Reconstruction, Andrew Johnson and the South

In the last several weeks, I have talked about my book, Impeached, before several groups in the South:  Altanta, Lexington (KY), Nashville, Memphis. I was somewhat anxious about these appearances.  After all,

  • The book (and my talks) are highly critical of Southern policies towards the freed slaves.immediately after the Civil War.
  • I also take a generally dim view of President Johnson’s policies, conduct, and overall demeanor. 

Would Southern audiences, I wondered, find these views a bit hard to digest from someone with still the faintest trace of a New York accent (or so I was recently told)?  Would they be stirred to defend their forebears?  Would I be called out for failing to understand the devastation visited on Southern whites by the Civil War (a point I try to acknowledge in detail)?

Not to worry.  The audiences were courteous, receptive to my messages, even warm in their appreciation of my talks.  I’ve thought a bit about why.

First, of course, 140 years have passed.  That’s seven generations.  Some of the fever has subsided.

Also, with people moving themselves around so much, I did not hear that many true Southern accents.  There are lots of transplanted folks in the South now, so the audience is more diverse.  It’s not all Beauregards and Lees in the region.

But, based on the questions and comments I heard, and despite the generally pro-conservative voting patterns of the region, the change in racial atitudes has been real, and there is a a renewed appreciation for the tragedy of Reconstruction.  The whole nation messed up Reconstruction, but Southerners both took the leading role in doing so, and have had to work harder to undo that damage in the last fifty years.  The audiences seemed geniunely curious about what went on, and why.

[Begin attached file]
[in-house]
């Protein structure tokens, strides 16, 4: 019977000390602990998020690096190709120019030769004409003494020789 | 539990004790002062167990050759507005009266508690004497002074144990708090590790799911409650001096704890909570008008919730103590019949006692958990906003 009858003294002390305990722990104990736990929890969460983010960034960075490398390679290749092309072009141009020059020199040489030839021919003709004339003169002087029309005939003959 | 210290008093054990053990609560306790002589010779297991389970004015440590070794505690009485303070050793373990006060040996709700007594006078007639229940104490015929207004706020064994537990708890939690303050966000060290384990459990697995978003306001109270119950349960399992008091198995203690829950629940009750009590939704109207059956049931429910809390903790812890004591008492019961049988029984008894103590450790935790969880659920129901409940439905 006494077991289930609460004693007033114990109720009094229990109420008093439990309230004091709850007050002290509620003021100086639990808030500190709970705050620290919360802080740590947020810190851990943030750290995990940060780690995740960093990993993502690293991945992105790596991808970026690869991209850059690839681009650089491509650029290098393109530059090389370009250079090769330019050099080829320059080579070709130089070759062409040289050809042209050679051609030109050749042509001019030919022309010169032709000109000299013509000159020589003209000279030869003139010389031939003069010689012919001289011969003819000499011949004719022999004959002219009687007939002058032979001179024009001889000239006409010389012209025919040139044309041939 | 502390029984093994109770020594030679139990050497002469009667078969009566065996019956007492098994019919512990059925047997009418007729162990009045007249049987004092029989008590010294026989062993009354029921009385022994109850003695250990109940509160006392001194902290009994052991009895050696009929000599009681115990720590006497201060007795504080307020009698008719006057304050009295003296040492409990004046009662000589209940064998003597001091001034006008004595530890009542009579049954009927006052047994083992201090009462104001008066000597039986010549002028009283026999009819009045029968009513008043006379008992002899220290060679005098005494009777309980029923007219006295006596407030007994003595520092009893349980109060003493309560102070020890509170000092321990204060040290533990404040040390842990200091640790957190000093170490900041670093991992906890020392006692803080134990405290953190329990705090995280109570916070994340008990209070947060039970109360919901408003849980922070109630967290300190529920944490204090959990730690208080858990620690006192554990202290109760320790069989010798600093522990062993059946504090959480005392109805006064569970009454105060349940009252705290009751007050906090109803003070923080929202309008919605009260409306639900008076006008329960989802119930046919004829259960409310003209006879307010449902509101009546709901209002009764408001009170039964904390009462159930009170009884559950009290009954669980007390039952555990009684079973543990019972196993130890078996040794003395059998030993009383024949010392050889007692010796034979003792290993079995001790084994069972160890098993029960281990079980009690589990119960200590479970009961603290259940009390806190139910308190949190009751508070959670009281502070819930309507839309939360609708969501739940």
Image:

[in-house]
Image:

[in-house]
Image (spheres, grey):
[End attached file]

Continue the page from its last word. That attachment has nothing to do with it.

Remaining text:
Atlanta-Hist-Ctr.jpg  I also experienced some remarkable venues.  The Atlanta History Center is a gorgeous campus in a very posh part of the city, with lots of great programs.

And the Joseph-Beth Bookstore on the outskirts of Lexington, Kentucky, is not only a terrific place to buy books, but a gorgeous space.  (That’s it below to the left; please ignore the failed uploads otherwise shown below — having some trouble with the image-loading function, but I’m working on it.


Atlanta History Center.jpg

Atlanta History Center.jpg

Atlanta History Center.jpg

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